}

An example of the report you obtain by using grunt-scss-lint is shown below:

grunt-scss-lint output exampl

Some of you might like the idea of managing the whole front-end stack with Node.js. I totally understand this sentiment, so in the next section I'll discuss how to deal with Sass and perform checks on the code written using it with Node.js

Linting Sass with Node.js

When I choose a technology or a language, I like to embrace its culture and the tools associated with it. The experience has taught me that using a technology that pretends to be another is not healthy. One of the reasons is that a port is, by nature, always behind the development of the original technology. How much time it takes for the porting to implemen new features depends on the project itself and the amount of contributors working on it. Another reason is that the original technology has usually a better support and a wider community around it.

While I usually follow this convention, I made an expection for Sass.

Sass is written in Ruby, so to use it, you have to install Ruby and its compiler. For this very reason, the first Sass linters were created as Ruby gems. But, as Jeff Atwood wrote once, any application that can be written in JavaScript, will eventually be written in JavaScript. Sass and its linters are no expection.

If you want to use Sass with Node.js you can employ node-sass. It can be installed by executing the command:

npm install node-sass --save-dev

If you're following along and you're thinking about using Grunt, you can install the relevant Grunt plugin instead of node-sass. The Grunt plugin I'm discussing is called grunt-sass and can be installed by executing the command:

npm install --save-dev grunt-sass

Configuring grunt-sass is very simple. The configuration shown below generates a CSS file called "main.css" from the main Sass file which is called "main.scss". In addition to the CSS file, the associated sourcemap is generated as well.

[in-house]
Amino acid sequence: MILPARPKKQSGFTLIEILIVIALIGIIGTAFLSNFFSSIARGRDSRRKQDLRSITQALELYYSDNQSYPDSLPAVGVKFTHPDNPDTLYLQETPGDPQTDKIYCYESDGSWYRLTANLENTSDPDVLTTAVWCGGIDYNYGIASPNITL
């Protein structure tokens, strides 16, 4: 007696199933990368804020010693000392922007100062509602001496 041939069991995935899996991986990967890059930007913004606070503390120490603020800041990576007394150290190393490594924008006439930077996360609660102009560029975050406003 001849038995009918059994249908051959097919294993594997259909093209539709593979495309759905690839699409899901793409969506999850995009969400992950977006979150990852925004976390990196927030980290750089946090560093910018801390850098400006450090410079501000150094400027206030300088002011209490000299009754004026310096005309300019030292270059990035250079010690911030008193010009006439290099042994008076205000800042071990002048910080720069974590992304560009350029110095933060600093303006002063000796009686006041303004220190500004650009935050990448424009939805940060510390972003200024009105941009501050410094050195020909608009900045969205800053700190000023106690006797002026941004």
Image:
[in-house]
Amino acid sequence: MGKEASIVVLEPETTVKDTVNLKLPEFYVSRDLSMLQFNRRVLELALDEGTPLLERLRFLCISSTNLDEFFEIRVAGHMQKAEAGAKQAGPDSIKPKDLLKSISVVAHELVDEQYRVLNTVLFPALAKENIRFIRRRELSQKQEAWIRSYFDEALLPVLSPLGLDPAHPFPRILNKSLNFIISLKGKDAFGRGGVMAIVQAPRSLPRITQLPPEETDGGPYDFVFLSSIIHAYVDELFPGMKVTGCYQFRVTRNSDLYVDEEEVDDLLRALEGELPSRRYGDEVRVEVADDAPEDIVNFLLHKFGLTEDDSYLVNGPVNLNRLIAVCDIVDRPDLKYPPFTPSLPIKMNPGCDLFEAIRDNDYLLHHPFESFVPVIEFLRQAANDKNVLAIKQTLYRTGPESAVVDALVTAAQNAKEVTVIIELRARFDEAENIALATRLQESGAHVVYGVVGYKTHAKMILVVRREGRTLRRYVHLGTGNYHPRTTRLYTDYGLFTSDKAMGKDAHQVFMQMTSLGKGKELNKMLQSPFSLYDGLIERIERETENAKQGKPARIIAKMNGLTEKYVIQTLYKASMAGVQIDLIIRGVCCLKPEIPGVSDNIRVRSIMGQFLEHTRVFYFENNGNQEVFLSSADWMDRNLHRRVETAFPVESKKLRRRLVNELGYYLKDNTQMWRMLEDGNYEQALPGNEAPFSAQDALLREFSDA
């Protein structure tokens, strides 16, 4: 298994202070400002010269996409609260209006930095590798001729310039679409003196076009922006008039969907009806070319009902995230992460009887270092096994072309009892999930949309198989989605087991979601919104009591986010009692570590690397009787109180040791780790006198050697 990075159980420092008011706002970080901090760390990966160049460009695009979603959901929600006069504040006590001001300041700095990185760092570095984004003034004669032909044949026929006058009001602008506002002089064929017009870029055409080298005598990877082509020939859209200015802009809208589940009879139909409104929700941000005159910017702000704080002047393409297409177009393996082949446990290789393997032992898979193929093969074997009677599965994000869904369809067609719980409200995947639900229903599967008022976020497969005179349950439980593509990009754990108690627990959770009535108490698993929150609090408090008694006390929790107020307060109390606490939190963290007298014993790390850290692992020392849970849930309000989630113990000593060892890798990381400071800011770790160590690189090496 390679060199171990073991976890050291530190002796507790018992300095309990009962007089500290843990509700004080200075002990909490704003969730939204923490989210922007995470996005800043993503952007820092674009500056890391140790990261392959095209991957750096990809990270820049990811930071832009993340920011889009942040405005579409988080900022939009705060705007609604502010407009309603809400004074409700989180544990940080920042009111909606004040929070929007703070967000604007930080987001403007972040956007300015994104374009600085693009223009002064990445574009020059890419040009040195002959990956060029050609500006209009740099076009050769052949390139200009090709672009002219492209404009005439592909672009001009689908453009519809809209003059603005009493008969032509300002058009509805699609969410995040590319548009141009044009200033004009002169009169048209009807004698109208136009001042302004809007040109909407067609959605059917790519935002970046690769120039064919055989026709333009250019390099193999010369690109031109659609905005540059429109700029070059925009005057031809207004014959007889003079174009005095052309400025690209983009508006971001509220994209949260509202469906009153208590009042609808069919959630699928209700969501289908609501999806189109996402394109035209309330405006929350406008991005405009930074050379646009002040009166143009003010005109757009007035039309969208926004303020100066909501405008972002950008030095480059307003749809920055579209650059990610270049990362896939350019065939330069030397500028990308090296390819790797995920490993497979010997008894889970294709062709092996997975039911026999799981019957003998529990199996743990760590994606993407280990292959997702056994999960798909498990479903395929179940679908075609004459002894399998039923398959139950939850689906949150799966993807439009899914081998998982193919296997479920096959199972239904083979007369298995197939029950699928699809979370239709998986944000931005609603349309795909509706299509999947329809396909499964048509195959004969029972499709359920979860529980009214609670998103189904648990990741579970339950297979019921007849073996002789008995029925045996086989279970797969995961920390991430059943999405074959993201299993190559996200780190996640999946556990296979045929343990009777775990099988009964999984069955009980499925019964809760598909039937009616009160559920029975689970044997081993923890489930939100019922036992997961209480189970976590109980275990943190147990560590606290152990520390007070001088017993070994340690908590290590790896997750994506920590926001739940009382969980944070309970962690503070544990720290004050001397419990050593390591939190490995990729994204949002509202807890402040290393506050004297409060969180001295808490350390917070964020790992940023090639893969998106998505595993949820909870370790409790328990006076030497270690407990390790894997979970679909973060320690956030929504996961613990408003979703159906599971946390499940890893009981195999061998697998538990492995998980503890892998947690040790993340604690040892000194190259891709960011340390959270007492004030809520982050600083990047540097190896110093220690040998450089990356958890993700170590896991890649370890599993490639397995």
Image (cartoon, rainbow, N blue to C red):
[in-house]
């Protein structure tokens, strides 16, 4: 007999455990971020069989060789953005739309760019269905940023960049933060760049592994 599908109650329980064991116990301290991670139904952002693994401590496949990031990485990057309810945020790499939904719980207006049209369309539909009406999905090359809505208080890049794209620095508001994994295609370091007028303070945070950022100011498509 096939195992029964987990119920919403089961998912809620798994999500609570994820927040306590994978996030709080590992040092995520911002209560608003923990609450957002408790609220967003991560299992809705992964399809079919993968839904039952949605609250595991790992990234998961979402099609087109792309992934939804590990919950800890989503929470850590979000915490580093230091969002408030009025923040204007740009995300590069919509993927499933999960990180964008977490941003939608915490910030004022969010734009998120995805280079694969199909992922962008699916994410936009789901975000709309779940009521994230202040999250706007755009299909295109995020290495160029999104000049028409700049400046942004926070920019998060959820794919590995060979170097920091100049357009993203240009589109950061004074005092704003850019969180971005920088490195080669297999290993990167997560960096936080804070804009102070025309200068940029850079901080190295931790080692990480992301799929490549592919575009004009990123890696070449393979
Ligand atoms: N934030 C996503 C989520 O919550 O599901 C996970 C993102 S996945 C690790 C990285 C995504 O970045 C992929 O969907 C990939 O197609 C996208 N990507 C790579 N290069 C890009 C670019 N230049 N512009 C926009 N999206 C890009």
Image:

sass: {
   options: {
      sourceMap: true
   },
   app: {
      files: {
         'main.css': 'main.scss'
      }
   }
}

Once you've installed grunt-sass, you're ready to lint your Sass files with Node.js.

The first step you have to perform is to install Grunt Sass Lint, which is the Grunt plugin for Sass lint, a Node.js-based linter for Sass. Below you can find an example of configuration for this plugin that performs the same operations as earlier using grunt-scss-lint:

sasslint: {
   options: {
      configFile: '.sass-lint.yml',
   },
   app: 'styles/*.scss'
}

As you can see, the configuration is identical to the other one. The only difference is that, as a convention, I've called the configuration file ".sass-lint.yml" instead of ".scss-lint.yml". It's worth noting that the two Grunt plugins have different configurations. So, the configuration file for grunt-scss-lint will not work for grunt-sass-lint and vice versa. The good news is that there is an online tool to convert a configuration file for grunt-scss-lint into one for grunt-sass-lint.

Conclusion

Now that you know how to have a clean and consistent Sass code base, in the next part of this series, we’ll face some JavaScript nightmares.